This Is What It's Really Like To Be Gay And From Texas
Hello world! Hello gay friends! Hello oiled up go-go boy dancer grinding on me from a tabletop nearby! Hey you confident bull-dyke eyeballing me in the sleeveless denim jacket! That's right motherfuckers, Gay Pride is officially here in Los Angeles!
I love LA Pride for all of the reasons I stated above, of course, but for so many other reasons as well. As a lesbian woman born and bred in the conservative, homophobic, god-fearing state of Texas, I have LOTS to love about Pride. I love the beautiful people, the unconditional acceptance, the straight-up crazy humans and the non-stop ragers that tend to blur together -- oh and all the gay people like me.
Judging by that introduction, you'd probably assume I've always been comfortable with "gay stuff," but you'd be greatly mistaken, my friend. Before coming out and letting my freak flag fly, I felt extremely uncomfortable being around other people who were so comfortable with themselves. Deep down, I knew I could get there, but I wasn't sure how.
We might as well begin with my coming-out story. At 23 years old, I was somewhat of a late bloomer; but beyond that, I was confused as fuck. I was known as the party girl who was always game for anything. I hooked up with guys, girls, whoever, whenever! I was down to have fun and be casual about it all. I laughed my way through my confusion.
But then I met her. The first woman I fell in love with. I knew once I fell in love with a woman, there was no going back to just being crazy ol' Caroline. I finally wanted to be my true self, and boy, did it feel good! I didn't want to be that person sneaking around, lying and telling everybody my partner was my roommate or my best friend or "like a sister." I wanted to scream, "I'm in love! I'm in love and I don't care who knows it!"
Once I did just that (though a little less dramatic, of course), things started to change. Not drastically like a rom-com, but subtly. I noticed I got fewer Facebook likes, some angry stares here and there and, surprisingly, very few people in my life took the whole "lesbian thing" seriously. "You're in a phase," they'd say, or, "Are you sure you're a lesbian?" My favorite line is, "I bet you'll date a guy again," followed by, "Lesbians never really stay together."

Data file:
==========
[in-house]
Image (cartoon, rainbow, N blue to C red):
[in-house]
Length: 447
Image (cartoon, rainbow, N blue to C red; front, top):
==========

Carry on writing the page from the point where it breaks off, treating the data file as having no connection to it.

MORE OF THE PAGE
All of these rude comments confused and infuriated me. I was shocked to discover so many of my so-called friends were uncomfortable with the LGBTQIA community.
As the years went on and I continued on the path of self-discovery, that same girlfriend crushed my heart and left me for a man. Heartbroken, I slept with a handful of straight or bi-curious women and even tried enjoying sex with a few drunk men. I was as lost as you could be, but I knew I was heading in the right direction. Despite all the twists and turns my life took, I never regretted coming out. It was messy and confusing, but I was out and staying out! Truth be told, it's brighter, clearer and smells better out here anyways.
Looking back on my own personal journey, I don't regret a single thing because now I can proudly say that I know my sexuality and myself -- as much as a person can, anyway. I look forward to going to LA Pride not only to meet other gay people like me but to inspire those who are scared and confused like I used to be.
When you go to LA Pride this year, take a look around you at the people celebrating. Each and every person has had a long journey toward pride, just like me. Pride means so much more than waving a flag around, cheering, getting drunk and making out with strangers of the same sex (although that's a big part of it). LA Pride represents a journey of self-exploration, fear, bravery, acceptance, community and so much more.
Oh, and dating women is awesome. I highly recommend it.